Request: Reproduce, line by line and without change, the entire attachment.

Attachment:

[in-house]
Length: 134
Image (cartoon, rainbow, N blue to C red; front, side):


[in-house]
Length: 134
Image (cartoon, rainbow, N blue to C red; front, side):